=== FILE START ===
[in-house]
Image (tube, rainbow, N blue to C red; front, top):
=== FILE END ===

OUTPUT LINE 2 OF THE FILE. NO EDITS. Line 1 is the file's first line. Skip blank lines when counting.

Image (tube, rainbow, N blue to C red; front, top):